Posted by on Mar 9, 2016 in Sweetness | 0 comments

Hell of a title, no? Wanted to make sure I got it all in there. These started their lives as a bread pudding version of flan—with plain caramel poured into the cups and the pudding mix spooned in over that. After baking, the caramel stuck to the cup; it didn’t flow nicely over the puddings and onto the plate like it does with flan. Then I thought of making a caramel sauce and much flowing ensued.
A word about caramel: Take it seriously—it can cause some of the nastiest burns in the kitchen . Use a deep, heavy saucepan, and wear an oven mitt when swirling the pan and adding the cream to be extra careful. If you make sure the sugar is dissolved before the mixture comes to a boil you will avoid turning the caramel into a crystallized mess that will take hours of soaking to get rid of. If you’re new to this, start over low heat until the sugar is dissolved, then raise the heat to medium-low or medium. Once the caramel starts to color it will go pretty quickly.
If the above scared you out of making caramel—and it shouldn’t, caramel is pretty easy to make—you can make the bread puddings without the caramel. They will still be delicious.
Makes 4 servings

For the pudding:

1/3 cup dark raisins
2 tablespoons Knob Creek or other top-notch bourbon
1/3 cup sugar
2 eggs
2 egg yolks
2 cups milk (or substitute heavy cream for up to 1 cup of the milk)
4 cups cubed (1-inch) day old French bread or challah

For the custard cups and caramel sauce:
Softened butter
3 tablespoons water
2/3 cup sugar
1/4 cup heavy cream

Toss the raisins with the rum in a small bowl and let them soak until they absorb the bourbon (or rum) about 30 minutes or up to one day. If you’re keeping them overnight, cover the bowl with plastic wrap so the bourbon is absorbed and not evaporated.)

Beat the sugar, eggs and egg yolks together in a medium mixing bowl until smooth. Beat the milk into the egg mixture slowly, whdisking constantly. Stir until the sugar is dissolved. Add the soaked raisins and bread to the bowl and let stand, tossing occasionally, until the bread is soaked through.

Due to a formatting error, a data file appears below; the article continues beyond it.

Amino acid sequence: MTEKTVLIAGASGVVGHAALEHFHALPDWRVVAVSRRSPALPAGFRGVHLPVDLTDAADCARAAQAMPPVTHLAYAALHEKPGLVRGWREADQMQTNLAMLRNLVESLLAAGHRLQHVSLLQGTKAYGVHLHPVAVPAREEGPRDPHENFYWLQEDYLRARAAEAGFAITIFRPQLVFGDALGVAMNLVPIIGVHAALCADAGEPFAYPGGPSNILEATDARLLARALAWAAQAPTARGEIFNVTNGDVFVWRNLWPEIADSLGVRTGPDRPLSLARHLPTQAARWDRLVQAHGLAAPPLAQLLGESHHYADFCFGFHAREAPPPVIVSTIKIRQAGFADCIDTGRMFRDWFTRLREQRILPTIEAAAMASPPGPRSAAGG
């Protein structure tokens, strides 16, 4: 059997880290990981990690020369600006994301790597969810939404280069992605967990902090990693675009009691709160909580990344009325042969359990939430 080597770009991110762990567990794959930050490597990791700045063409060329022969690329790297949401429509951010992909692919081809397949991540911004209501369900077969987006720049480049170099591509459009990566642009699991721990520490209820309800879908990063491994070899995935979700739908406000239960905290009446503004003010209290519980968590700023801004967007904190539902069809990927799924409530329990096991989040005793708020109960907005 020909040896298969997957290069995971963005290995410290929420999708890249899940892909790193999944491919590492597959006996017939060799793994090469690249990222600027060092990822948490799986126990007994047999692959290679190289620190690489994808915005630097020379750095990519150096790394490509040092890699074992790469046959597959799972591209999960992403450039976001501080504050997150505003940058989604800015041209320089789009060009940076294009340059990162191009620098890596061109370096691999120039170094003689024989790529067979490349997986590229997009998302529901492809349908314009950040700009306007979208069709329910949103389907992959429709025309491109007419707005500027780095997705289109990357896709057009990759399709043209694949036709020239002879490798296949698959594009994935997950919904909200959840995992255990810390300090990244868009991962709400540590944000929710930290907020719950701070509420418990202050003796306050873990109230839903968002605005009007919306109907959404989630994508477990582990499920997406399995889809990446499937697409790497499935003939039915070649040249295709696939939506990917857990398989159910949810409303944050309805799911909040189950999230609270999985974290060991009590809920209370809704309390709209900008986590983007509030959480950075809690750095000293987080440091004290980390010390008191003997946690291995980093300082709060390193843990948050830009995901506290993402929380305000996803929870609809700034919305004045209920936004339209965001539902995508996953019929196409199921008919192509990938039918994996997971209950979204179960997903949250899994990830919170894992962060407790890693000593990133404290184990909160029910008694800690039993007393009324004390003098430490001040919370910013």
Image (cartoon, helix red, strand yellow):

Heat the oven to 350° F. Heat a kettle of water to a boil, then turn off the heat.

Butter four 8-ounce heatproof custard cups, soufflé dishes or ramekins. Stir the sugar and water together in a medium skillet over medium heat until the sugar is dissolved and just about to boil. Don’t stir the caramel once it comes to a boil. Continue cooking, swirling the pan constantly, until the syrup darkens to a medium amber. If sugar crystals begin to form around the edges of the skillet, wash them back into the syrup with a pastry brush dipped in cool water. You will know that the caramel is about to color when the bubbles get larger and slower. When the caramel is ready, pour the cream into the pan—careful, it will bubble up pretty quickly. Stir until smooth.
Pour the caramel into the buttered cups, dividing it evenly. There will be about 3 tablespoons for each cup. Divide the bread pudding mixture among the custard cups and set the cups in a small roasting pan. Set the pan on the oven shelf and pour in enough hot water to come two-thirds of the way up the sides of the cups. Bake until set and a toothpick inserted into the center of the puddings comes out clean, about 45 minutes.

Let the puddings cool in the pan for about 20 minutes, then carefully remove them from the water and let them cool to room temperature. Serve the puddings at room temperature (they’ll hold for several hours): Run a thin knife around the edges of the cups and invert the puddings onto serving plates. Let them sit a few seconds before removing the cups to allow as much of the caramel sauce as possible to flow over the puddings. There will probably be some caramel sauce and bits of pudding left in the cups, spoon them over the custard and enjoy.